India's eco warriors head to Germany
Two young voices will be India's flag bearers at an environmental summit in Germany where 48 participants from 18 countries will put their heads together to discuss, share and work on the future of global environmental conservation. Ruchika Kher spoke to Vaibhav Pratap Singh and Soumyajit Paul on their ideas for a better planet Earth
Vaibhav Pratap Singh, who is pursuing MS by Research in Electrical Engineering at Indian Institute of Technology (IIT), Madras and Soumyajit Paul, a Civil Engineering student at SRM University, Kancheepuram, belong to a growing breed of youngsters who believe that it’s time to wake up and smell the coffee as far as global environment is concerned. The two won Bayer Young Environmental Envoy 2013 (BYEE 2013) competition, which is held in cooperation with the United Nations Environment Programme (UNEP), and will now travel to Germany for an environmental summit, from November 10 to 15, along with 48 others from 18 other countries.
The summit will also entail a field trip where the students will get a first-hand experience of how sustainable environmental practices are pursued jointly by the people, government and industry. The excursion includes visits to various waste management and recycling sites as well as workshops on nature monitoring and conservation.
Of soil and sun
For the competition, Singh, who is from Agra, developed a soil CO2 monitoring wireless sensor network, which is a low power and low cost device to study soil CO2 variation with seasons, temperature conditions, geographical locations, etc. “The findings will be of great importance in global warming and terrestrial carbon research,” says the 23-year-old.
On the other hand, 20-year-old Paul’s project, titled TRANS-CONS, aims at transmitting light energy (sunlight) during the day time directly into the room, such that for every morning, on a bright sunny day, we may be able to save electricity for about 8-10 hours. “The initial installment is 3% higher than that of a conventional concrete construction. But in the long run (say for a 25-year span) the overall project is economical up to 30-35 %,” explains the Kolkata boy.
The main criterion for judging the Bayer Young Environmental Envoy 2013 Programme was active participation of the student in conducting a hands-on environmental project. Short-listed students were then interviewed to gauge their knowledge and communication skills. Since the two selected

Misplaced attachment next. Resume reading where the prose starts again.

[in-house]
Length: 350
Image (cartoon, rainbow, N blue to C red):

candidates from India have an exemplary academic record and have worked in their areas towards environmental protection, they emerged as the winners.
Lack of eco-knowledge
While the two students have been actively involved in environment protection activities, they still maintain that Indians lack adequate knowledge about nature conservation. Singh feels that knowledge pertaining to environmental protection does exist in India but is concentrated to certain groups of people spread across the country. “It is the responsibility of these people to try spread the knowledge further amongst common men and encourage them to follow environment protection practices in their daily lives. There are initiatives in India to spread environmental awareness but we still have a long way,” he admits.
Similarly, Paul acknowledges that since the past decade, environmental awareness has increased, but it is mainly theoretical. “Practice in daily life is limited and as a community, we are still lazy when it comes to taking efforts to protect our mother earth,” he rues.
Singh also suggests that including intensive environment awareness courses at schools and colleges will definitely help. The budding environmentalist mentions that the first goal should be to target the youth as they are the future and have the zeal to understand key global issues and contribute in solving them. “We should also make environment awareness programmes mandatory at work places like government organisations, companies, industries, etc,” he advises.
What is Bayer Young Environmental Envoy 2013?
In co-operation with the United Nations Environment Programme (UNEP), Bayer, a global enterprise with core competencies in the fields of health care, agriculture and high-tech materials, organises and promotes a number of specific projects which aim to improve knowledge about the environment among young people and support them in their environmental commitment. One of these projects is the Bayer Young Environmental Envoy Program. Originally initiated in 1998 as a local project in Thailand, the concept was subsequently extended to Argentina, Brazil, Chile, China, Colombia, Ecuador, India, Indonesia, Kenya, Malaysia, Peru, the Philippines, Singapore, South Africa, South Korea, Venezuela, Vietnam and Costa Rica.
Small steps that will go a long way:
>> Turn off lights when not in use.
>> Turn off water taps.
>> Don’t waste food.
>> Don’t leave PCs idle for long.
>> Avoid using powered vehicles for small distances (walk/use a cycle, etc).
>> Don’t opt for ATM transaction slip when balance check is required.
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